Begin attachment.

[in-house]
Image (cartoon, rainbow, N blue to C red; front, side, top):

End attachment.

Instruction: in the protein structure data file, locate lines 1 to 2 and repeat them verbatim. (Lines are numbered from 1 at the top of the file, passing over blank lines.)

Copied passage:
[in-house]
Image (cartoon, rainbow, N blue to C red; front, side, top):